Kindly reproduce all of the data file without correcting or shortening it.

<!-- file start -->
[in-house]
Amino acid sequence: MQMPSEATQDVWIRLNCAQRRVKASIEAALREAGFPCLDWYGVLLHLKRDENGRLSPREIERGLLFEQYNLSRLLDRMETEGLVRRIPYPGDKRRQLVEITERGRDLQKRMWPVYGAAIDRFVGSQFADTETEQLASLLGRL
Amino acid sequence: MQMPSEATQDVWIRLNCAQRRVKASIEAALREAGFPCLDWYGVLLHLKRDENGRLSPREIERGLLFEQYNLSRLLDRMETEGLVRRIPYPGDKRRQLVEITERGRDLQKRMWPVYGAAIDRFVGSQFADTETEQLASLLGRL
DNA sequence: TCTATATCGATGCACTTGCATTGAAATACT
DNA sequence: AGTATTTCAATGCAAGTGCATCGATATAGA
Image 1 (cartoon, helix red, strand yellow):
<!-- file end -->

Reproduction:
[in-house]
Amino acid sequence: MQMPSEATQDVWIRLNCAQRRVKASIEAALREAGFPCLDWYGVLLHLKRDENGRLSPREIERGLLFEQYNLSRLLDRMETEGLVRRIPYPGDKRRQLVEITERGRDLQKRMWPVYGAAIDRFVGSQFADTETEQLASLLGRL
Amino acid sequence: MQMPSEATQDVWIRLNCAQRRVKASIEAALREAGFPCLDWYGVLLHLKRDENGRLSPREIERGLLFEQYNLSRLLDRMETEGLVRRIPYPGDKRRQLVEITERGRDLQKRMWPVYGAAIDRFVGSQFADTETEQLASLLGRL
DNA sequence: TCTATATCGATGCACTTGCATTGAAATACT
DNA sequence: AGTATTTCAATGCAAGTGCATCGATATAGA
Image 1 (cartoon, helix red, strand yellow):